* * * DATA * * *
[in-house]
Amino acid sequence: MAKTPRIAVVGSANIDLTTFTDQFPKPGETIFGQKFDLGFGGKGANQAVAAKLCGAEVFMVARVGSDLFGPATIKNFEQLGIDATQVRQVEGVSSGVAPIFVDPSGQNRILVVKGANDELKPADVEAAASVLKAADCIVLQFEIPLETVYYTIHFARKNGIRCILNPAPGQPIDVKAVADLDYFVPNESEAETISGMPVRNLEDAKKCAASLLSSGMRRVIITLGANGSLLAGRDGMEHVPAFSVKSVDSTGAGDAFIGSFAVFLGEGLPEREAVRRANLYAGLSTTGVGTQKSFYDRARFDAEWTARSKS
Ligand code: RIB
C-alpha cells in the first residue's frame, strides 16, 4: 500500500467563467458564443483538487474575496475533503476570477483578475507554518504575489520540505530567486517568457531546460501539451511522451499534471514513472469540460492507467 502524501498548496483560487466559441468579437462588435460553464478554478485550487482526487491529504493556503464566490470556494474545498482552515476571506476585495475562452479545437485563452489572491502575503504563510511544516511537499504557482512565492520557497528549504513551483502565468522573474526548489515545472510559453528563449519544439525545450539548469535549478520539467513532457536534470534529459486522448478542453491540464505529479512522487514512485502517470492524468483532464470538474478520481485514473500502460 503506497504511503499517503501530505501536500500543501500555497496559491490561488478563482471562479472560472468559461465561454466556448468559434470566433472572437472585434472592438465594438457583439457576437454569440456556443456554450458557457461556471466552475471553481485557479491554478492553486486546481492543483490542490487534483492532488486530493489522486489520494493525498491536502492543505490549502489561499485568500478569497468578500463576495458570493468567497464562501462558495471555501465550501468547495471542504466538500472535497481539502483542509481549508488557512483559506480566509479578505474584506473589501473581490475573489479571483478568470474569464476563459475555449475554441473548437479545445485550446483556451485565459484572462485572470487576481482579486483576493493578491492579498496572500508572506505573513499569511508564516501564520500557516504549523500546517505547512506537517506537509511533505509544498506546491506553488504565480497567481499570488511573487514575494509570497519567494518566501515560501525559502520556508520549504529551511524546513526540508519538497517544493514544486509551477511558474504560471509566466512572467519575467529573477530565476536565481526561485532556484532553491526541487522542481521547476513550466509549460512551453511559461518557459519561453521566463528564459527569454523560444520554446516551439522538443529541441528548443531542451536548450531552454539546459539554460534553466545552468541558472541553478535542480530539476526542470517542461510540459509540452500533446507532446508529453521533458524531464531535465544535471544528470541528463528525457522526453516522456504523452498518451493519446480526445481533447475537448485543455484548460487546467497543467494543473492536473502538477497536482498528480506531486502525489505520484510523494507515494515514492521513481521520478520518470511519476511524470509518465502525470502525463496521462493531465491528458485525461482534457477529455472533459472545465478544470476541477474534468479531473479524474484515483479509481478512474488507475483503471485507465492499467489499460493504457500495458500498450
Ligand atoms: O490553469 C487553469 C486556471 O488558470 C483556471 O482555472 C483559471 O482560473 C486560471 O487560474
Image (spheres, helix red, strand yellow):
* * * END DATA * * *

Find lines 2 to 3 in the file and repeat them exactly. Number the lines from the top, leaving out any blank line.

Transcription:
Amino acid sequence: MAKTPRIAVVGSANIDLTTFTDQFPKPGETIFGQKFDLGFGGKGANQAVAAKLCGAEVFMVARVGSDLFGPATIKNFEQLGIDATQVRQVEGVSSGVAPIFVDPSGQNRILVVKGANDELKPADVEAAASVLKAADCIVLQFEIPLETVYYTIHFARKNGIRCILNPAPGQPIDVKAVADLDYFVPNESEAETISGMPVRNLEDAKKCAASLLSSGMRRVIITLGANGSLLAGRDGMEHVPAFSVKSVDSTGAGDAFIGSFAVFLGEGLPEREAVRRANLYAGLSTTGVGTQKSFYDRARFDAEWTARSKS
Ligand code: RIB